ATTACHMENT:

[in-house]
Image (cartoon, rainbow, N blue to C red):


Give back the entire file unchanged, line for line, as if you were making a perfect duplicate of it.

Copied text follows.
[in-house]
Image (cartoon, rainbow, N blue to C red):